A quick-moving fire on Watts and Highland Streets last Friday, May 3, claimed the life of one 37-year-old man and caused extensive damage. Investigators said there were major problems with smoke detectors in the home and first-responders reported not hearing any alarms upon arrival.
The fire took the life of an adult man
believed to be a relative of the occupants of 48 Watts St. The victim was
identified as Milton Lopez, 37.
In the dense neighborhood, the fire spread
to rear of 107-109 Highland Street.
The fire originated in a void space above
the suspended ceiling of an enclosed porch. Investigators determined that an
electrical event took place in the area of origin where there were numerous
electrical circuits. Just before the fire was discovered, residents reported
that the lights in the first floor kitchen, the room next to the porch, went
off. The victim was found on the enclosed porch.
Chelsea fire investigators, Chelsea
detectives, and State Police assigned to both the Office of the State Fire
Marshal and to the Office of Suffolk District Attorney Rachel Rollins jointly
investigated this fire. The Chelsea Inspectional Services Department, State
Police Crime Scene Services and the Department of Fire Services’ Code
Compliance Unit provided assistance.
The home had a mixture of working, missing
and disconnected smoke alarms, carbon monoxide alarms and heat detectors. All
of the alarms found in the home, whether they were disconnected, lying on a
shelf, or actually functional, had expired and were more than 10 years old.
First-arriving firefighters report not hearing any alarms sounding.
State Fire Marshal Ostroskey said, “May is
Electrical Safety Month and electrical fires are the second leading cause of
fire deaths in Massachusetts behind smoking. It’s important to have a licensed
electrician check out your system every ten years to prevent problems.”
information on electrical fire safety go to:
Department’s paid summer internship program
Launched in 2014, the Summer Enrichment Program
provides young people with the opportunity to begin an internship with one of
the oldest law enforcement agencies in the country, and one of the largest in
the Commonwealth of Massachusetts, while working alongside established career
professionals in the world of law enforcement. Participants will gain insight
into the world of law enforcement and criminal justice agencies through job
shadowing, weekly presentations by members of law enforcement, roundtable
discussions, law enforcement-related field trips, and educational tours.
The Suffolk County Sheriff’s Department
Summer Enrichment Program is a seven-week program that begins on Monday, July
8th and ends on Friday, August 23rd. The program will invite twenty
participants, selected from a group of local high school students, to the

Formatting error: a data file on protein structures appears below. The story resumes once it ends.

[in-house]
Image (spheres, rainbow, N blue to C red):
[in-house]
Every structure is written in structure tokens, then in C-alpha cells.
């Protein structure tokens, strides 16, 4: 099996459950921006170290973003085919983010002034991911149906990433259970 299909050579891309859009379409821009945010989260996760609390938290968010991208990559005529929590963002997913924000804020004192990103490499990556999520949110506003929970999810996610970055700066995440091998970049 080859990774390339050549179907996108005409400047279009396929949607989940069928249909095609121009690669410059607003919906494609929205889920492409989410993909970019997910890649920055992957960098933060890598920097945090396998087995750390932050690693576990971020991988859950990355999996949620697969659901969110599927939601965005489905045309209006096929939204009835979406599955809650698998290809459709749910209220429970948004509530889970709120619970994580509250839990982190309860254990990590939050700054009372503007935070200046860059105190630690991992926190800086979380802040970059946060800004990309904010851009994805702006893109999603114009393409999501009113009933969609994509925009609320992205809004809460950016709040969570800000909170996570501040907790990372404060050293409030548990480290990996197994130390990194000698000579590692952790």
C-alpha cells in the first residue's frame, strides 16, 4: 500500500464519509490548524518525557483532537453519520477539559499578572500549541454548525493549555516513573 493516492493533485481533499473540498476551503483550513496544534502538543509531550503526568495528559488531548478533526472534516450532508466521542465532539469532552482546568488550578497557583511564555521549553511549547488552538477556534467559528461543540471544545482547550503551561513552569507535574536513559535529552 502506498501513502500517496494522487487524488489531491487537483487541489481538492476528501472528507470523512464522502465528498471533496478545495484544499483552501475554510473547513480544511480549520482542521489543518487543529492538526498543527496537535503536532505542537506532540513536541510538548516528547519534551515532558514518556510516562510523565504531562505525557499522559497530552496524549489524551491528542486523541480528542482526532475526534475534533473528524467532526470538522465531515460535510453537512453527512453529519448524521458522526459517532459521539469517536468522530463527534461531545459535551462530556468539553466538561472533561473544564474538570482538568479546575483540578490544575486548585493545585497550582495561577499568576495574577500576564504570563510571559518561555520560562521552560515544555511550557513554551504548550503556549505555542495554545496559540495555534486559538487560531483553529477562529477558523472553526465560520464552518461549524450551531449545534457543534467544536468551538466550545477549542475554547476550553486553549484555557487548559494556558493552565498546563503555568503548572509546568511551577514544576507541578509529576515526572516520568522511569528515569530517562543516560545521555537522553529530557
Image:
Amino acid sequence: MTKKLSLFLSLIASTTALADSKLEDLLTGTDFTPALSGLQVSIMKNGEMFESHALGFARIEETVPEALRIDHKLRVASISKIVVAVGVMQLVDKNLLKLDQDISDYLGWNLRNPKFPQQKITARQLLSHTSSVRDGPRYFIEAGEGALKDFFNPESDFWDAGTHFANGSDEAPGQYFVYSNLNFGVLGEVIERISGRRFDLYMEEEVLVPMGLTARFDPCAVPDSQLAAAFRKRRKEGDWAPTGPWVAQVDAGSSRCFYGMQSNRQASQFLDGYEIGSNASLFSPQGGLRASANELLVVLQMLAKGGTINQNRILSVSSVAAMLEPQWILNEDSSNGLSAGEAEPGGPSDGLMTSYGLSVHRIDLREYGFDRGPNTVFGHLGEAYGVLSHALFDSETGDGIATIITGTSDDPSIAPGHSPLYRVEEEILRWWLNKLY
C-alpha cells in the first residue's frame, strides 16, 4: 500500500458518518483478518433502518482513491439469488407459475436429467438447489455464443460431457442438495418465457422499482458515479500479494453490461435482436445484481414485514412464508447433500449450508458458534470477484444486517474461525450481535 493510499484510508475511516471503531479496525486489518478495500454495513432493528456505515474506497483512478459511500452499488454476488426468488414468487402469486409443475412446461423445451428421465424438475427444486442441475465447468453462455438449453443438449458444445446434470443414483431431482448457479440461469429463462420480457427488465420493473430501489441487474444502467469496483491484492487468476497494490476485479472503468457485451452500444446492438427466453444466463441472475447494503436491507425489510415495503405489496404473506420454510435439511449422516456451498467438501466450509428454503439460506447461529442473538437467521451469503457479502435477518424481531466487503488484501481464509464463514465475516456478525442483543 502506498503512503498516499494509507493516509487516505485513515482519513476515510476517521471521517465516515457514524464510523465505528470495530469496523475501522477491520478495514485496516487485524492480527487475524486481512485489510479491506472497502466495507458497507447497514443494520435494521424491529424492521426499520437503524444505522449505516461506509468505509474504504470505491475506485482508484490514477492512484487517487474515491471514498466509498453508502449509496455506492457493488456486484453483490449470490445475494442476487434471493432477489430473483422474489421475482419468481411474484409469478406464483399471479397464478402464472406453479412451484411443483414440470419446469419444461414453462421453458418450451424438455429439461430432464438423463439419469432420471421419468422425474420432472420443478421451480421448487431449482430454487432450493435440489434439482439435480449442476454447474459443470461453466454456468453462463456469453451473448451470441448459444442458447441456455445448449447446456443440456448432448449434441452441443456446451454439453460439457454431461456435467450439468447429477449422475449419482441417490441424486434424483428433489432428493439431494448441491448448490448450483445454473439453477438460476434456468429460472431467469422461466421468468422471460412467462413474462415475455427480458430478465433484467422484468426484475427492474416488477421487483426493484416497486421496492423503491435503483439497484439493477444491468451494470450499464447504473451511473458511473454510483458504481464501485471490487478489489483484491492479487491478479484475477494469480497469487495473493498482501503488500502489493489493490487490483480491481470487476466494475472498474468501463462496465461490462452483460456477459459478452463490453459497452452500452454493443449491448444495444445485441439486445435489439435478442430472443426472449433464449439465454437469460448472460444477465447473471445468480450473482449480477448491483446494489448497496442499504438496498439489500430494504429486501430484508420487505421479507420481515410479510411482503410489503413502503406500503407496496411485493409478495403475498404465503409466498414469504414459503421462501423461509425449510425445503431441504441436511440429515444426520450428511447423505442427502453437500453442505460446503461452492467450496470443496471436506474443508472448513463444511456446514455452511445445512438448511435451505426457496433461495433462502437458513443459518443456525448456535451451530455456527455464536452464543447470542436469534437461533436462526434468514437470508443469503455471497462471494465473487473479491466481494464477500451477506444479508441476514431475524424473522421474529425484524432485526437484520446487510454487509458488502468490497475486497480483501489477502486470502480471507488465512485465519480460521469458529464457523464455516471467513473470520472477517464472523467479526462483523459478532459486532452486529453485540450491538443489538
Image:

Suffolk County Sheriff’s Department to learn more about careers in law
enforcement. Participants will work 21 hours per-week on Mondays, Wednesdays
and Fridays, from 8am – 4pm, and will be compensated at a rate of $12.00 per-hour.
During each week of the internship, members will participate in a “meet and
greet” with members of the law enforcement community on Wednesdays, and a tour
or field trip on Fridays.
At the conclusion of the program, all
participants will have completed and received their CPR Certification, in
addition to a Certificate of Completion from the Suffolk County Sheriff’s
Department. By the end of their participation, members of the program will have
not only gained insight into the world of law enforcement and met a variety of
notable law enforcement officials, but they also will have gained transferable
job skills they can utilize later on in their careers.
For employment, applicants must participate
in a competitive interview process, complete the written application, submit a
CORI form, pass a drug test, complete a physical examination from their doctor,
possess a valid picture ID (school ID, passport or driver’s license) and have a
savings or checking account. Ideal applicants will be mature, professional and
have an interest in some aspect of law enforcement. Applicants will be notified
of the Department’s decision by telephone. Once admitted, applicants will
receive Department-issued polo shirts and be required to wear khakis for the
duration of the program.
The deadline for the application is Tuesday,
April 30th. Interviews will be held from Monday, May 6th through Friday, May
Applications can be filled out online at
www.scsdma.org or, they can be faxed to
(617) 704-6743 or scanned and emailed to firstname.lastname@example.org.
For more information, please contact Nadia
Lovinsky at (617) 704-6656 or email@example.com.